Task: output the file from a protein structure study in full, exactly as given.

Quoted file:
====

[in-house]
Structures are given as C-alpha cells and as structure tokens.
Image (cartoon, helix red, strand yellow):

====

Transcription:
[in-house]
Structures are given as C-alpha cells and as structure tokens.
Image (cartoon, helix red, strand yellow):